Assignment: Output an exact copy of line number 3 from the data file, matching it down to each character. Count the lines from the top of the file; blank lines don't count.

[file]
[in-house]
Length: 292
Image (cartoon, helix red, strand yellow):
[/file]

Image (cartoon, helix red, strand yellow):